on Jul 25th, 2011
in Finances: Cost & Revenue
| 43 comments
The past few years have been tumultuous for the U.S. Postal Service. Mail volume has dropped 20 percent to 171 billion pieces from its peak in 2006, and over the last four years experienced unprecedented financial losses totaling $20 billion. In 2010 alone, the Postal Service experienced its largest 1-year net loss of $8.5 billion. Our Risk Analysis Research Center has published The Cost Structure of the Postal Service: Facts, Trends, and Policy Implications, which reviews the major components of the Postal Service’s 2010 cost structure and presents insights to the ongoing policy debate about the future of the Postal Service. Below are some of the paper’s key findings: 1.The mail business is labor intensive, and labor makes up 80 percent of Postal Service expenses. This means that in order to achieve real cost savings, the Postal Service has to cut labor costs. While ideally labor costs could be cut to match declines in volume, this is challenging because the Postal Service’s delivery network has significant fixed costs. 2.Since 1972, the total cost of benefits to the Postal Service has risen an astounding 448 percent above inflation, while the real amount spent on wages has declined by nearly 3 percent. This extraordinary increase in benefit costs is due to three factors: a general trend of higher benefit costs that has affected most U.S. companies, the gradual transfer of postal retiree benefit costs from the federal government to the Postal Service, and repeated overcharges for these retiree benefit costs. 3.Since 2000, cumulative unit costs for three of the four market dominant mail classes (Periodicals, Standard Mail, and Package Services) have far outpaced increases in the Consumer Price Index (CPI-U). 4.A continuing freeze in capital investment, while saving the Postal Service in the short term, may paradoxically lead to higher costs in the future. In particular, investing in rightsizing the physical network to meet decreasing demand is vital to the future viability of the Postal Service. We invite you to review the white paper and share your thoughts on reducing costs and the impact those cost reductions might have on the Postal Service here on our blog. This blog is hosted by the OIG’s Risk Analysis Research Center.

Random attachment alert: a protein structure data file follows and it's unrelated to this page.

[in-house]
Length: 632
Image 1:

on Feb 14th, 2011
in Finances: Cost & Revenue
| 12 comments